Will November 2020 USDA Milk Prices Rival Those of September 2014?

Lawrence R Jones, PhD

Unhappily, the short answer is “no”

With Nov-2020 Class III milk prices flirting with those seen in Sept-2014 ($24.60), we need to ask how will Nov-2020 USDA prices compare to those during the last boom?  First, this is not 2014, and most commodities are lower except for cheese.  Second, we need to examine the influence of Class III versus Class IV on the USDA prices.

Compared to Sept-2014, Class III milk price will likely increase a few cents.  It is currently projected at +$0.13.  This is supported by cheese as whey is down $0.27/lb which is a 40% reduction in value.  Class IV price is $9 lower which is being driven by a 50% reduction in butter price and a 20% reduction in NFDM price compared to Sept-2014.   So, the fundamentals for the Nov-2020 USDA prices are significantly different from Sept-2014.

Across the 11 Federal Milk Marketing Orders for Sept-2020, utilization of milk was: Class I, 35%; Class II, 18%; Class III, 17%; Class IV, 30%.  These utilization numbers may be skewed a little due to “depooling” of Class III milk in some Federal Orders, but we will use them as a benchmark.  Since Class I milk is the average of Class III and Class IV skim, and because Class II is Class IV with a premium, we can estimate the influence across all orders of Class III as 35% and Class IV as 65%.  This will give us a weighted average difference between Nov-2020 and Sept-2014 of -$5.92/cwt.  Because Class IV is a major contributor to milk price and because it is way off from the Sept-2014 values, I do not see record USDA milk prices for Nov-2020.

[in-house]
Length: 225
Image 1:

Each of the Federal Orders have different utilization of milk; therefore, there will be winners and losers in this analysis.  Figure 1 contains an approximation of how the Nov-2020 USDA milk price for each Federal Order will compare to Sep-2014.  Orders with high Class III utilization (e.g., 30, Upper Midwest) will have the smallest difference (-$3.60) while the orders with the highest Class IV utilization (e.g., 51, California; 33, Mideast; 126, Southwest; 131, Arizona) will have the largest difference ranging from -$6.56 to -$8.02 lower than Sept-2014.





There is an old saying in the dairy industry that “High prices lead to low prices”.  There is a lot of anxiety around the high cheese prices leading to uncontrolled expansion.  The USDA price for Order 1 (Boston) in Sept-2014 was $26.15 and $18.78 earlier this year for Jan-2020.  Nov-2020 is projected about $21.00 which is strong, but only $1.20 above the pre-pandemic 2020 number.  Most importantly, dairies need to consider the USDA price, not only the Class III price, when evaluating strategic plans.

November 2020 vs September 2014

Figure 1. Change in USDA milk price from Sept 14 to Nov-20

[1] Dr Jones operates theCWTgroup.com web site which has a weekly podcast on milk prices and milk pricing.  He is also the vice-president of FARME Institute, Inc and employed by American Farm Products. He can be contacted at 607.591.9727 and ljones@afpltd.net.





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